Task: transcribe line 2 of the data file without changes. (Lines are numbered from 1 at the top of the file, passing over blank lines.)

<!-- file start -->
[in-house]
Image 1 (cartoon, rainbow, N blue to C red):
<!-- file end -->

Image 1 (cartoon, rainbow, N blue to C red):